Can tall grasses compete with mint?

susanzone5(z5NY)August 30, 2005

I have nine 4" pots of ornamental grasses (mature height will be between 3 and 7 feet tall) waiting to be planted. The site is now filled in with mint and beebalm. Can I dig wide holes and plant them or am I asking for trouble? I'd hate to let $60 worth of good plants go to waste.

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Mint is great in Juleps but god it's a pain in the a#@ once it has taken hold somewhere. Dig that stuff out and dig deep! Move it somewhere else as you certainly don't want it coming up inside your grass clumps -- which it will I believe if you don't move it entirely.

    Bookmark   August 31, 2005 at 3:12AM
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You will regret not taking the mint out now. It is not that difficult to control or eradicate; it just takes persistence. Some genera can compete, but that won't be until after next year's growing season at the earliest.

More info on what you are planting would have been helpful. Bee balm looks good with some of the stronger, taller clumping grasses like Miscanthus (I grow those together in one garden without problems, but I do keep an eye on the bee balm. And the bee balm went in AFTER the grasses were well established.)

    Bookmark   September 1, 2005 at 9:10AM
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It's impossible to remove the mint from where it grows, and I do love it...I use it almost everyday. I'm going to plant the grasses, tend it well till they get a good root system going, and hope for the best. I can't make another bed for the grasses because I live on a rock ledge in a sunny clearing in the forest. What will be will be. Here goes! Thanks for your responses.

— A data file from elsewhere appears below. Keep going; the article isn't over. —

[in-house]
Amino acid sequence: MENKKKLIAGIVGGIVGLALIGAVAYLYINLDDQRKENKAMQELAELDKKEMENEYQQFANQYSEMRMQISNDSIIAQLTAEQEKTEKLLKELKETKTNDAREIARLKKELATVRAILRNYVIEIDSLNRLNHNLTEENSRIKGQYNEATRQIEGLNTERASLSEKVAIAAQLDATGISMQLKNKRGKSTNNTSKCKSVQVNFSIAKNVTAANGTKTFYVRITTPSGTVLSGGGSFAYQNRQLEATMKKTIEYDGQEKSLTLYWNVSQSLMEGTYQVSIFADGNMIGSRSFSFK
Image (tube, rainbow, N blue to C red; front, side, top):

Bookmark   September 1, 2005 at 10:56PM
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My experience has been that the mature grass will hold the others at bay. Mature being the key word. Keep the mint from around the grass clumps until they get large, maybe two years. Actually I plant miscanthus where I don't want plants to overstep their bounds, such as monarda.

    Bookmark   September 2, 2005 at 8:12PM
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Your second posting makes me smile. I too live/garden in a clearing within a (hemlock) forest, with a rock ledge under our "mountain" in zone5NY. And my Miscanthus does real well. Stay dogged, and yours will, too. (And one of these days, when the grasses are tall, they will look great with the bee balm.)

    Bookmark   September 3, 2005 at 6:06PM
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I mowed down the mint and monarda, which left a very bare ground...easy to plant!. I dug 18" wide circles for each plant, and pulled up the mint roots. Those are surface roots (surprise!) and do not go down further than 5 inches...very easy to pull, and will not interfere with the grasses which have such tough roots. It will be easy to keep the mint from the grasses for the first year until they get a good root system going.

I've planted various miscanthus, 2 panicum, and one calimagrostis. I chose them all for their habit and color. I'm glad to finally have them in the ground and hope they survive the winter. I have a whole forest full of autumn leaves to mulch with, after the ground freezes.

Thank you all for your opinions and support with this. This is such a great website!

    Bookmark   September 4, 2005 at 8:42AM
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Good! Am glad to hear. It will be beautiful; I have similar combinations in one of my gardens. And your post has prompted me to think about planting some Bee Balm among them.

    Bookmark   September 4, 2005 at 8:59PM
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Susan, sounds lovely! How about some pictures next year? Polly

    Bookmark   September 7, 2005 at 11:09AM
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